I just created a new site dedicated to Units and Lesson Plans, currently my focus is on Homer’s Odyssey. Please check it out! I will be adding more to it soon here is the link:
Some useful resources and tips from class…
Some of the tech I encourage you to research include: Booktrack, Trello, MyHistro, Web Whiteboard, Big Blue Button, Google Classroom, and Fotor.
Booktrack- brings the books to life, it adjusts to students reading level, great for audio learners. The site is mostly used for audiobooks which you purchase but you can also create audio for books. This is great to use with students in an English course, I can see myself using this when tackling classical literature. For example I would use an audiobook and play excerpts of Shakespeare’s Julius Caesar. With old English it may be difficult for students to interpret/understand well but this technology could help. The only issue with it is the compatibility of the site to Google Chrome/Internet Explorer. You would definitely need a plan B for your lesson if their is difficulty. The site also gives you the ability to create classes for the books and to track your readers.
Google Classroom- Gives you the ability to create classes. Is an educational facebook/twitter. You have your profile and students can comment and contribute online. A useful part of this is that you can poll your students, for example over Thanksgiving Break you could post a poll on Sunday asking if they have reviewed for Monday class. Also it is useful as a reminder app without polling the students, you as a teacher can post “statuses” such as “Bible Club let’s meet in room 307 today instead of in room 212 after lunch.” Google Classroom also let’s you have access to each students email to contact them, and the ability to upload assignments. An example of using this is if a student is absent or you weren’t able to hand out the day’s homework, you could post a pdf of the assignment and the students could access it. Google Classroom is very popular with secondary teachers because it is like Canvas, but simplified. The plus to Google Classroom is that it is FREE!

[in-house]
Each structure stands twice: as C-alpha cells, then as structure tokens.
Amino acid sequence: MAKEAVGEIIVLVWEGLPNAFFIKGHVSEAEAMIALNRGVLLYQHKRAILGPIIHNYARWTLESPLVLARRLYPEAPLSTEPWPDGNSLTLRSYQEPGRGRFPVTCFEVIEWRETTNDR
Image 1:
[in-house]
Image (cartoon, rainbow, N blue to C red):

MyHistro- Is a timeline creating website which is free. As a teacher you can create a timeline, especially useful in history classes but I could see it being used in English classes. The site allows you to make quizzes for students… It is much like a ThingLink but allows you to use an accurate map. Here is a link of a timeline of the French Revolution: http://www.myhistro.com/story/the-french-revolution/30635/0/0/0/1#!oath-of-the-tennis-court-59389
Big Blue Button- Is a site where you can hold confrences and meetings this would be useful for tutoring purposes or virtual school.